Post sponsored by NewzEngine.com

Source: Socialist Republic of Vietnam

The high-level diplomatic activity marked a strategic transition of Washington as its rivals have made rapid and strong steps in this potential continent.

This is the first visit made by a Secretary of State of the President Donald Trump’s administration to the south countries of the Sahara desert in Africa, with the aim of laying out a “positive vision” for the cooperation between the US and the “dark continent” as the White House has declared. This is clearly shown through the selection of three countries that Secretary of State M. Pompeo would visit: Senegal, Angola and Ethiopia. According to the US State Department, all three countries are at different stages of the “democratic transition and stability” process and have made great contributions to the regional development.

Violence and poverty are major and permanent challenges in the “dark continent”; however, the potential of natural and labour resources as well as opportunities on trade and investment and the initial successes in reducing conflicts and violence have drew the great attention of many powers, including the US, to the Africa.

Pompeo’s visit also aimed to tap and take advantage of golden opportunities in the continent whose population is projected to double by 2050. According to the White House, the main topic of discussion is the formation of a “vision” for the US-Africa cooperation, focusing on economic growth in the continent and the increase of the US’s trade and investment.

Ahead of his trip, the US official said that his talks with leaders of the three African countries and the African Union (AU) would revolve around the themes related to encouragement of economic reform, expansion of markets and partnership, fight against corruption and promotion of the rule of law in Africa, bringing more investment and trade opportunities for the US. The above message of the President Donald Trump’s administration was said to coincide with the new economic policies in the countries that Pompeo would visit.

In Ethiopia, PM Abiy Ahmed has boosted the economic liberalisation through the encouragement of private sector. Angolan President João Lourenço wanted to reduce its economy’s excessive dependence on the oil industry and promote anti-corruption. With such reform policies, the US has adequate competence and is ready to provide technical assistance.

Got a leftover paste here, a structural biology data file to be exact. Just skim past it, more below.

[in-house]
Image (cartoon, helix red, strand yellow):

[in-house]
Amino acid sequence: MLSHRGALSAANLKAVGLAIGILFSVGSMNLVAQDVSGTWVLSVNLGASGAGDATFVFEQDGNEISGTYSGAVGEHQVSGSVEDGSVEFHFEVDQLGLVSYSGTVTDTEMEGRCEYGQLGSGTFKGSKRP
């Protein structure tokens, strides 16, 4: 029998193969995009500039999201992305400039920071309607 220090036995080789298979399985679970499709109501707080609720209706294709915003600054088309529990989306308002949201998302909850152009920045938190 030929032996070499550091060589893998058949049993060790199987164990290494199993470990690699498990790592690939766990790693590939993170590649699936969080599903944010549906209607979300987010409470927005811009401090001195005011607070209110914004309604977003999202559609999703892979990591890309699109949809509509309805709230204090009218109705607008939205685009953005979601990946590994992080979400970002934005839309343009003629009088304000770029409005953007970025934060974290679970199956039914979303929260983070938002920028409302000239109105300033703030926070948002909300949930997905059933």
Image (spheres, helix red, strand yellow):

Another advantage with Washington’s ambition is the actual development in Africa. According to experts, the demand of investment capital in the “dark continent” is very large, especially in the field of infrastructure. Meanwhile, the credit from international banking and financial organisations for Africa is limited. The US’s opportunities are greater as African countries are seeking alternative solutions and sources of investment due to concerns about “debt traps” and high-risk warnings from some foreign capital sources.

Beside advantages, US Secretary of State M. Pompeo’s first trip to the region will also face challenges, stemming from the White House’s strategy which was said to lack links with Africa and even neglects its benefits. In fact, the Trump administration’s first Africa strategy was launched 14 months ago, but it has not made any real progress. Meanwhile, the US rivals have constantly invested and expanded their influence in the continent. The last visit of high-ranking officials of the White House to Africa was made by US Secretary of Commerce Wilbur Ross to Ethiopia, Kenya, Ivory Coast, and Ghana, 19 months ago. This is the first visit by the Secretary of State M. Pompeo to Africa after nearly two years in office.

Meanwhile, Washington unveiled a series of contradictory policy messages, which can be seen clearly in the last steps of the White Houses, such as the budget cuts for the aid programmes in Africa that was considered as a “reverse wind”. The adjustment of military strategy, towards reducing the presence of US forces in Africa, is the most suspicious. The Pentagon’s plan could undermine US commitment to the security of the “dark continent” in the context of the ongoing conflicts in many parts of the region.

The great opportunities in Africa have pushed Washington to adjust its strategy, not to “lag behind” its partners and competitors. However, the outline of a new “strategic vision” between the two sides is a great challenge during the trip of the US Secretary of State.

MIL OSI Asia Pacific News